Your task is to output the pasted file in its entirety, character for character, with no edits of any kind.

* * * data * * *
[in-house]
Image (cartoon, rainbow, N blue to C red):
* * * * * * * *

[in-house]
Image (cartoon, rainbow, N blue to C red):